We see it in movies and police dramas all the time: someone confessing to a crime they did not commit in order to protect someone they care about. But while many people believe that no one would ever risk a false confession for someone else's sake, a case out of another state is proving that it does happen in real life sometimes.
Some of you may have heard the term statute of limitations used in reference to personal injury cases but did you know that there are criminal statutes of limitations as well? Much like tort law statutes of limitations, which put a time limit on when compensation can be sought from a negligent party, criminal statutes of limitations prevent prosecutors from charging someone with a crime after a specified number of years have passed.
We all know that the possession and subsequent use of prohibited drugs such as heroin, cocaine and methamphetamines is illegal and can result in criminal charges. But in some states, the use of such drugs may result in additional criminal charges if the user is pregnant. It’s because of a new law out of another state that we bring up this issue with our California readers in hopes of sparking a conversation about how far the law can go before it is considered overreaching.
Did you know that colleges and universities across the United States are required by federal law to follow up on reports of sexual assault? If you didn’t, you’re not alone. Neither did more than 40 percent of schools across the nation, says a congressional subcommittee.
Depending on how California residents vote on the 2014 ballot this November, good news could be coming to people who are or have faced criminal charges for certain nonviolent crimes. That’s because the new ballot measure, if passed, would convert some crimes that were previously considered felonies into misdemeanors instead.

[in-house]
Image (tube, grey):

California legislators recently proposed a bill that could toughen penalties for juveniles charged with sharing images of a sexual nature to harass others under the age of 18. Minors charged with a similar offense under current law could be charged with distributing child pornography. However, one attorney who drafted the proposed legislation was hoping to address what is referred to as the bullying nature of sharing these images.
"It's really damaging ... putting handcuffs on a child at 12, 13 or 14 years old," the head of a gang diversion program told reporters. "Even for something like jumping a turnstile, those acts have ripple effects that can be catastrophic."
Tween girls post photos of themselves on Facebook every time they're doing, well, anything. Your co-worker posts a new picture of himself on Instagram every time he's at the gym. Love them or hate them, "selfies" are everywhere. Generally, they're harmless, albeit mildly annoying. A recent situation in Oakland, however, shows that sometimes selfies can get you into trouble.
Sometimes prosecutors demonstrate a somewhat over-abundance of vigilance when making the decision to prosecute an alleged sex crime. Unfortunately, that sometimes means attempting to put someone behind bars for perfectly ordinary behavior. Luckily, a San Francisco Superior Court jury acted just as one might hope -- as an appropriate check on prosecutorial excess.
This week, the 9th Circuit Court of Appeals is holding a rare re-hearing on the constitutionality of collecting the DNA profiles of arrestees into databases intended to solve future crimes. The appellate court has heard the case before but decided to rehear it in light of a U.S. Supreme Court ruling on a similar Maryland law this June.